Hurting our children
Dr Patric Rutherford, Contributor
AS THE nation faces the daily reports of murderous acts by criminals, PhD graduate of the Northern Caribbean University and chief executive officer of Andrews Memorial Hospital, Dr Patric Rutherford, is urging the Government to push harder on crime-reduction strategies for the sake of our children.
The call is based on research done by Rutherford as part of his doctoral dissertation.
The research revealed that students who attend schools in the inner-city communities of Kingston suffer from post-traumatic stress disorder (PTSD) more than those in less-volatile communities.
The study also revealed that 15.5 per cent of the students who attend schools in the inner-city communities of Kingston suffer from PTSD. That is, in a class of 33 students, five suffer from PTSD.
The 15.5 per cent of students in the inner-city schools with PTSD is well above the three to six per cent in the general population of high schools in the United States.
PTSD is an emotional illness - a severe anxiety disorder - that develops as a result of a very frightening or life-threatening experiences.
Sufferers of PTSD keep re-experiencing the traumatic event or events in some way; tend to avoid places, people, or things that remind them of the event; and are overly sensitive to normal life experiences.
There is a preponderance of evidence from previous studies showing that PTSD has been linked with significantly lower academic achievement.
The emotional trauma that children in inner-city communities in Kingston experience has a serious negative effect on their ability to perform academically and socially, especially those children who do not have access to support systems that can help them to cope.
Rutherford argued: "If the young of our inner-city communities are to have a fighting chance to rise above the poverty and decay of their surroundings through education, they need the security and safety of growing up without the high levels of trauma they are now experiencing.
"Think of what it would be for you as a child to take cover under your bed for half the night while all around there are sounds of guns firing and bullets whizzing by.
"Or think of a child going home from school and witnessing someone being murdered, the body convulsing on the roadside until life ebbs away, and the fear that they, too, may be killed to be kept from providing evidence against the murderers. These are harsh realities that are faced by children living in inner-city communities," Rutherford added.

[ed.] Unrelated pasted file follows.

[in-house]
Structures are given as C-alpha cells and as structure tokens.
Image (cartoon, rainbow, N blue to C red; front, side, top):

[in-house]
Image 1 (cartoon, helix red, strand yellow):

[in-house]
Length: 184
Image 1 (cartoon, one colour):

Of the 198 randomly selected students participating in the study, 170 had had traumatic experiences.
Of those who had experienced a traumatic event, there were 90 students (53 per cent) who indicated that the trauma was linked to violent incidents including stabbings, shootings, and rapes.
More students in the inner city had PTSD compared to those who resided elsewhere.
There were slightly more than twice as many females (21) with PTSD compared to males (10).
This finding was consistent with previous studies, which show that females are more prone to developing PTSD.
The study showed no statistically significant difference in the occurrence of PTSD between those students who attended church and those who did not.
Numerically, there were more students (19) with PTSD who attended church, compared to 12 who did not attend.
According to Rutherford, his was the first study conducted to establish the extent to which PTSD exists among children and youth living in the inner-city communities of Kingston.
He argued that without information on the prevalence of this condition, there would not be effective intervention planning and execution.
"The solution to the problem lies on two fronts: one is to diagnose and treat those with PTSD," Rutherford said.
He pointed out that PTSD was treatable, but treatment required the services of a psychiatrist or psychologist.
"The process will be greatly enhanced if teachers and guidance counsellors are trained to identify students with symptoms of PTSD and refer them to the appropriate professionals for treatment," argued Rutherford.
Treatment for children with PTSD is provided through the Child Guidance Clinic at The Bustamante Hospital for Children, however, Rutherford fears that there are not enough practitioners employed to that facility to handle the number of cases that exist in the population.
"Most of the students in the schools under study cannot afford to pay for therapy privately. So the Government needs to increase the number of practitioners that are so desperately needed for public education and treatment."
If PTSD goes untreated, its victims become prone to depression, drug abuse, and the inability to develop the skills necessary to build healthy relationships.
The person with PTSD is difficult to live with and could become a big source of stress to the families of which they are part.
Recommendations for Future Research
Rutherford pointed out that his study had focused solely on schools located in inner-city communities in Kingston. He recommended further research that examined the occurrence of trauma and PTSD among students in schools that serve more affluent communities in Kingston as well as schools in rural Jamaica.
"With higher levels of violence spreading into the parishes of St Catherine, Clarendon, and St James, it would also be helpful to know what the occurrence of PTSD is in those communities.
"There also needs to be research on the occurrence of PTSD among other age groups, especially younger children," argued Rutherford.